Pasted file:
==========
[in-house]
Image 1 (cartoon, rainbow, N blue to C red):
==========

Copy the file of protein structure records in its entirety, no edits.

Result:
[in-house]
Image 1 (cartoon, rainbow, N blue to C red):